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Chronic Osteomyelitis Secondary to Hydatid Disease of Bone – A Case Report

Case report
[10.13107/jocr.2022.v12.i06.2876]
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Chronic Osteomyelitis Secondary to Hydatid Disease of Bone – A Case Report

Learning Point of the Article :
Abnormal presentation of Hydatid disease and the challenges in diagnosis and treatment.
Case report | Volume 14 | Issue 06 | JOCR June 2022 | Page 82-85 | Nirvin Paul [1], Alfred Cyril Roy [2]. DOI: 10.13107/jocr.2022.v12.i06.2876
Authors: Nirvin Paul [1], Alfred Cyril Roy [2]
[1] Department of Trauma Surgery, All India Institute of Medical Science, Rishikesh, Uttarakhand, India,
[2] Department of Orthopaedics, Christian Medical College, Vellore, Tamil Nadu, India.
Address of Correspondence:
Dr. Nirvin Paul, Department of Trauma Surgery, All India Institute of Medical Science, Rishikesh - 249 203, Uttarakhand, India. E-mail: drnirvinpaul@gmail.com
Article Received : 2021-12-17,
Article Accepted : 2022-03-11

Introduction: Osseous hydatidosis is a rare orthopedic condition. Osseous hydatidosis leading to chronic osteomyelitis is rarer with very few articles published on it. This presents a challenge in diagnosis and treatment. Here, we report a patient with chronic osteomyelitis secondary to Echinococcal infection.

Case Report: A 30-year-old lady with fracture left femur operated elsewhere presented with a draining sinus. She underwent a debridement and sequestrectomy. The condition was quiescent until 4 years later when symptoms recurred. She again underwent debridement, sequestrectomy, and saucerisation. The biopsy showed hydatid cyst.

Conclusion: The diagnosis and treatment are challenging. The chances of recurrence are very high. Multimodality approach is recommended.

Keywords: Osseous hydatidosis, chronic osteomyelitis, hydatid cyst.

Introduction:

Echinococcosis is a zoonotic infection caused by adult or larval (metacestode) stages of cestodes belonging to the genus Echinococcus and the family Taeniidae. At present, four species of Echinococcus are recognized, namely, Echinococcus granulosus, Echinococcus multilocularis, E. oligarthrus, and Echinococcus vogeli. Of these, E. granulosus is the most common cause of infection in humans. Echinococcosis is an important zoonosis and has a worldwide geographical distribution. It is most prevalent in Eurasia, Africa, Australia, and South America. Within the endemic countries, the distribution varies significantly. The annual incidence in India varies from 1 to 200/100,000 people [1]. High prevalence has been reported in Jammu and Kashmir, Andhra Pradesh, Tamil Nadu and Central India [2, 3]. The definitive hosts are canines that excrete the eggs in feces. Eggs are ingested orally and cysts develop in the intermediate hosts such as sheep, cattle, humans and camels for E. granulosus, and rodents for E. multilocularis. E.granulosuslives for 5–20 months in the jejunum of canines and has three proglottids–Immature, mature, and gravid. The gravid segment releases eggs and when ingested by humans, the embryo penetrates the intestinal mucosa and enters the portal circulation and is carried to various organs especially liver and lung. Larvae develop into fluid filled unilocular cysts which consist of external membrane and inner germinal layer. Daughter cysts develop from the germinal layer as do germinating cystic structures called brood capsules. New larvae called protoscolices develop inside brood capsules. The cyst expands slowly over years [4]. Hydatid cysts are common in the liver (59–75%) and lungs 27%). Kidneys (3%) and brain (1–2%) are rarely involved. The incidence of hydatid cysts in bone is 0.5–2.5%. Of this, 50% occurs in the spine followed by pelvis and hip. Other regions known to be affected are the femur, tibia, fibula, ribs, scapula, clavicle, and tarsal bones. Osseous hydatidosis is considered a very severe and recurrent complication of hydatidosis and can be very invasive and destructive requiring extensive resection and prosthetic replacement [5].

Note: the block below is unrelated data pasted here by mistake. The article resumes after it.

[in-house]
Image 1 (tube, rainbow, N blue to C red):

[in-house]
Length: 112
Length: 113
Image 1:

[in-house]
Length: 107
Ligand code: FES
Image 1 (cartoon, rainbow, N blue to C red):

Case Report:

A 30-year-old housewife with history of seizure disorder presented in 2010 with history of fall 5 years earlier when she had sustained a fracture of the left distal femur. She was managed elsewhere with upper tibial pin traction for 1 month following which she underwent intramedullary nailing. Six months later, she developed pain, swelling, and a discharging sinus at the left distal thigh. She was managed elsewhere conservatively for 1 year after which the implant was removed. Later discharge persisted. Debridement was done at the same center and she received antituberculous treatment for 18 months (Fig. 1). In 2010, when she came to us, she was diagnosed with chronic osteomyelitis and underwent debridement and sequestrectomy. Following this, there was no discharge till 4 years later when she complained of pain and recurrent discharge. On examination, she had a short limbed gait and there was a scar of the previous surgery. There were puckered scars as well as a sinus that was adherent to the underlying bone. The range of movement in the left knee was 0–120°. There was a 2 cm shortening in the left lower limb due to malunion with recurvatum deformity. There were no distal neurovascular deficits. On investigating, her ESR was 26 mm at 1 h and CRP was 42.8 mg/L. All other hematological and biochemical parameters were normal. Roentgenography showed multiple cystic osteolytic lesions with a sequestrum in the distal femur with surrounding sclerosis and irregular thickening of bone. Sinusogram revealed the extent of the sinus (Figs. 2a-c). MRI revealed well-defined lobulated intraosseous high signal area with peripheral T2 hypointense rim in proximal femur that extends 17 cm from the joint surface (Fig. 3). We diagnosed her with chronic osteomyelitis and performed left femur debridement, sequestrectomy, and saucerisation. Pus was sent for culture and it grew non-fermenting gram negative bacilli susceptible to Amikacin and hence she was started on the same. Intraoperatively, there was a 3 × 2.3 × 0.8 cm glistening nodular mass close to the popliteal region which was sent for biopsy along with the curetted samples from the lytic lesions in the anterolateral and posterior aspects of the left distal femur (Fig. 4) Gross pathological examination of the specimen revealed multiple cysts folded like a membrane with a glistening grey-white cut surface. Wall thickness varied from 0.1 to 0.2 cm. Histopathological examination revealed an acellular eosinophilic cyst with surrounding fibrosis and dense chronic inflammation composed of lymphocytes, plasma cells, few neutrophils, eosinophils, and several granulomas composed of Langhan’s and foreign body type multinucleate giant cells. Scanty necrosis and reactive new bone formation was seen. All the above findings were consistent with that of a hydatid cyst (Figs. 5a-d). She was advised Tab. Albendazole 400 mg twice daily and Tab. Praziquental 40 mg/kg/week for 3 months. At present, her osteomyelitis is under control.